When you are leaving, your company is obviously free to hire someone else with the right qualifications. No need for someone else to learn Java; there are plenty of people out there who know Java and Android development.

And if it wasn't that easy because you did a job requiring some very specialised and niche knowledge, that's not your problem. They are always free to hire you back as a contractor for twice the money if they can't find anyone else.

  • 1
    "In most states of the USA you don't have to give notice at all" Well no, but OP isn't asking about the legal aspect here. And most US employees don't have a contract.
    – Lilienthal
    Commented Jan 30, 2017 at 9:13
  • Most employers consider a signed employee handbook and a signed original offer letter to indeed be a contract if no other formal contract was made. Most US locals are also some form of right to work or employment by mutual consent which gives the employee the right to leave with little or no notice. The two weeks is more of a courtesy and attempt to not burn bridges. Most positions I have had the company would not even accept notice due to security. Once notice was given, within minutes computer passwords were deactivated and desk cleaning began with a final check presented and escort out.
    – dlb
    Commented Jan 30, 2017 at 18:03
  • Wow, TIL! I had no idea employment is so informal in the US… Here in EU contracts are standard everywhere.
    – w00t
    Commented Feb 2, 2017 at 12:35

I liked Joe's answer, but would add a few things you need to be prepared for:

  • "Oh no, counter offer": Are you willing to stay for a compelling counter offer? There are some articles out there that say this backfires. I did it once and it worked out fine.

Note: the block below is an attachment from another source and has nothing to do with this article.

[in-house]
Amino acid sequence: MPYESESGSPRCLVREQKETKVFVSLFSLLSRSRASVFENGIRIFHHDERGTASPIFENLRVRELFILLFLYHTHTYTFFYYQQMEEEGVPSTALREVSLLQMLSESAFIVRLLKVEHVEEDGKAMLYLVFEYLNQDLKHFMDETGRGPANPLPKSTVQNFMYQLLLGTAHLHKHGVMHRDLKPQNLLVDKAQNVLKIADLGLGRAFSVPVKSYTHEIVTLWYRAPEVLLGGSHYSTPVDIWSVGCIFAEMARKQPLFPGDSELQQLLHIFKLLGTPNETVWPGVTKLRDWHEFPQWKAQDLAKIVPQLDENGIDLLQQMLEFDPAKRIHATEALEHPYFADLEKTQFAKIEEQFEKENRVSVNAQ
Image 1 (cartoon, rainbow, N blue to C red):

• "Oh no, consulting": Are you willing to provide some consulting services after you leave? What is your rate? How much time can you give? Keep in mind this might not work out well with your new employer. Make this decision carefully and on your own terms.
  • "Get the hell out": Are you okay with going two weeks without pay? Also remove all personal belongings previous to giving notice.
    • "HR items": Make up your mind about health insurance, purchasing any stock options, know how to get your last paycheck, statement, w-2s, etc. There is a lot make sure you think all your options through.

And as Joe mentioned, know how to react if they ask for more time.


I think the twelve-month notice thing really only applies for people who are going to grad school, which is a different beast entirely. Grad school takes a lot of planning, and in the right circumstances, companies will pay for the education. But that is not what you're doing - you're leaving them.

What you should do is make sure they don't have a policy where they refuse to keep people who've accepted other job offers. A company I worked for would simply cut the leaving employee a check for the two weeks and walk them out the door. A co-worker of mine was not aware of this and ended up with an un-planned three week vacation, and I think it put a little strain on her budget too.

If your company does not have that policy, you should just go ahead and give notice now.* March 13th is still a few weeks out so you could give them more than two weeks and still have time for a vacation.

Yes, it may be tough for them to replace you, but they'll hire contractors and find other android developers, and if their business plan is solid, they'll be just fine. No one is as irreplaceable as they imagine.

*Do not resign until you have a signed offer letter, passed all required background checks, employment verification, and references.